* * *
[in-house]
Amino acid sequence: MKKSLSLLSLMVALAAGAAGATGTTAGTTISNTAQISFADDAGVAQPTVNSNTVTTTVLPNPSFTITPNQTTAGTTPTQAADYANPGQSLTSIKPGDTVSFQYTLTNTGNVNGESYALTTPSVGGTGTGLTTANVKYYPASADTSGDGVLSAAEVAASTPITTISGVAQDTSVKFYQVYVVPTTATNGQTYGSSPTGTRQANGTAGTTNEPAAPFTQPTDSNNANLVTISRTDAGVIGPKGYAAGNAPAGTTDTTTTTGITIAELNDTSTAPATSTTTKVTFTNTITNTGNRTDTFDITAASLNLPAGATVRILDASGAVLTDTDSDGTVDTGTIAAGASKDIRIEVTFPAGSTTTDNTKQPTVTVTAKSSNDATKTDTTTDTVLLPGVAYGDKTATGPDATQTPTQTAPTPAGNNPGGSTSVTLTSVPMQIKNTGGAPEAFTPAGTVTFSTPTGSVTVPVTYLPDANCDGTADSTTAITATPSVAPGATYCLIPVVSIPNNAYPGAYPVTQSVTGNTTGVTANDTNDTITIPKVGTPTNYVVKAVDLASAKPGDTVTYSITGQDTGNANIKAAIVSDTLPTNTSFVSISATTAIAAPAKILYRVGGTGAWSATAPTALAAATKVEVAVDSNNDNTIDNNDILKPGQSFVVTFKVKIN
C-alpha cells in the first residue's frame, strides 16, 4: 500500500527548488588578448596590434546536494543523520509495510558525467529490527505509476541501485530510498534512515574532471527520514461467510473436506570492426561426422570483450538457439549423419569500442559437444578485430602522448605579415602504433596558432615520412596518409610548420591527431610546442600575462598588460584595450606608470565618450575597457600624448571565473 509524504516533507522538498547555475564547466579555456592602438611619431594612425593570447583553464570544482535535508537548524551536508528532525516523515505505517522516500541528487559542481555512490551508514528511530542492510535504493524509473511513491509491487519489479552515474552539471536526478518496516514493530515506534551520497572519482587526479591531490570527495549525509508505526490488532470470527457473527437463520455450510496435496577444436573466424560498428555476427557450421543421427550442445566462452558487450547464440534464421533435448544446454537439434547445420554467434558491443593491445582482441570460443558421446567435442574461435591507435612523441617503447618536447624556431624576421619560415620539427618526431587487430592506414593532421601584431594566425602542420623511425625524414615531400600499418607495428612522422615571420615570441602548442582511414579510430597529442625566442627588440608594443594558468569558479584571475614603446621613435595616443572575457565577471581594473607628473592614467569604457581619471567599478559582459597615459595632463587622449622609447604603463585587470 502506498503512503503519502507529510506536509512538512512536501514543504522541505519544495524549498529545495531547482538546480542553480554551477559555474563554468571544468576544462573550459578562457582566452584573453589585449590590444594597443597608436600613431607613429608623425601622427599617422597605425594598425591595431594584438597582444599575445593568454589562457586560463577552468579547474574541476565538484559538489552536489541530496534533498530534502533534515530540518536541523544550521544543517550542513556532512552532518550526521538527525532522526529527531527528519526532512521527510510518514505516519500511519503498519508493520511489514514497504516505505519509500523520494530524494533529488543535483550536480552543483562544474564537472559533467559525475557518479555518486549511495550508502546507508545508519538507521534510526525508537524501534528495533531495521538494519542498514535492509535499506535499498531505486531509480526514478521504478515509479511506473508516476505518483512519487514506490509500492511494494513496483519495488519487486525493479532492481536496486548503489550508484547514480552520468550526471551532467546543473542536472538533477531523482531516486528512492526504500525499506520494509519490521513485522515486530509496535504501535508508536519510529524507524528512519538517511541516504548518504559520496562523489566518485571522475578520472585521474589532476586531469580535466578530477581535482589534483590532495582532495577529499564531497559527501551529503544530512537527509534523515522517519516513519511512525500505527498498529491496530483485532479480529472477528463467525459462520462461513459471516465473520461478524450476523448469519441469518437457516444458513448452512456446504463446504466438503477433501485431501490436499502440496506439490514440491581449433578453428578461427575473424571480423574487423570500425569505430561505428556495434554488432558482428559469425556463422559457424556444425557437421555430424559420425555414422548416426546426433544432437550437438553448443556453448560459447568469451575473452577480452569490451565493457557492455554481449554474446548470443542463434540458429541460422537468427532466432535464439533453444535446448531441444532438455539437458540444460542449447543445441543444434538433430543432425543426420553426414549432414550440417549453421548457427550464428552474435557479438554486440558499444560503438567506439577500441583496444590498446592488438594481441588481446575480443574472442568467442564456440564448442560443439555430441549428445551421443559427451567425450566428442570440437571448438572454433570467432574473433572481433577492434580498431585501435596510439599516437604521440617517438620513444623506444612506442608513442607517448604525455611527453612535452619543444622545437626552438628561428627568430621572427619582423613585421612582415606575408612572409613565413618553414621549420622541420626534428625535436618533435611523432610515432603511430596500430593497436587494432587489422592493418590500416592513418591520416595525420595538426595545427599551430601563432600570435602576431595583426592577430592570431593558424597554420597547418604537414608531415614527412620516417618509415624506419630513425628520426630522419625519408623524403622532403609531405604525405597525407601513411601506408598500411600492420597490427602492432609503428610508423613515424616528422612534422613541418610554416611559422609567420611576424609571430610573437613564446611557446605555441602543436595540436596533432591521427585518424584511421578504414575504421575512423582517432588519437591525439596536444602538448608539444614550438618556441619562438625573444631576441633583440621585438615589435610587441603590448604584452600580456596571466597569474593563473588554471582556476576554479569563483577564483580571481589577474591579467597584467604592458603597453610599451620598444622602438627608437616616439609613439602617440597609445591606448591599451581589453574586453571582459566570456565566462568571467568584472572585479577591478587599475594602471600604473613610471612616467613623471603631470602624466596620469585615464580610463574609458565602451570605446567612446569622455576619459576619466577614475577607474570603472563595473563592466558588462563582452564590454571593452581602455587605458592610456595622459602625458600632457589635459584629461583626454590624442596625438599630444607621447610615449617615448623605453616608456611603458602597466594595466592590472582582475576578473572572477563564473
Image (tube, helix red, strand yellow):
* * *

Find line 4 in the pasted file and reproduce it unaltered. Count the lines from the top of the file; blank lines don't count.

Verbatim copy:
Image (tube, helix red, strand yellow):